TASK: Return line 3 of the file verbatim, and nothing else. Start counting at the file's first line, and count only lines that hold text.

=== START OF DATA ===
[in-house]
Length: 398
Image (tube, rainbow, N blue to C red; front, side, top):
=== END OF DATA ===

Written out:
Image (tube, rainbow, N blue to C red; front, side, top):